Micki Colbeck snapped a photograph of a beautiful patch of Delicate Fern Moss (Thuidium delicatulum) in Hyde Park, Vermont and submitted it to the Vermont Atlas of Life on iNaturalist immortalizing it as the 250,000 observation for the project.
From moss to moose, fungi to falcons, over the past 6 years naturalists (3,875 of them) have helped us build one of the largest biodiversity datasets ever assembled for Vermont. It now contains information on 4,675 verified species records, including information on phenology, habitats, and more.
How many species occur in Vermont? You’d think we’d know this for a small state steeped in a rich tradition of naturalists. But, the simple answer is, no one really knows. We do know how many species there are of some of the popular taxonomic groups like birds (currently 382) and mammals (58). But how many invertebrates are there in Vermont? A back-of-the-envelope estimate puts the number at just over 21,400 species! There are about 2,150 species of vascular plants, with approximately 1,400 native plants. Not including protists, bacteria or viruses, we humans share Vermont with at least 26,000 to 45,000 species.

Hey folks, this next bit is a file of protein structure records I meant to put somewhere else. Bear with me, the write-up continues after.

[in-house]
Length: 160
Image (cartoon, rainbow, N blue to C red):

Join our growing community of citizen naturalists from around the Green Mountain State in discovering and sharing observations of Vermont life. Your observations can be turned into research-grade, citizen science data that will help us discover, track and ultimately conserve our natural heritage.